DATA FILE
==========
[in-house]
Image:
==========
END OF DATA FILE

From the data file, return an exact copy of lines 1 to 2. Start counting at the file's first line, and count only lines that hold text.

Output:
[in-house]
Image: